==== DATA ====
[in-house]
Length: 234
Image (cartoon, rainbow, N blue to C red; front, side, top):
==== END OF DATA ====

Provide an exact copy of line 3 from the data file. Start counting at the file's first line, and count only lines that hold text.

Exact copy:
Image (cartoon, rainbow, N blue to C red; front, side, top):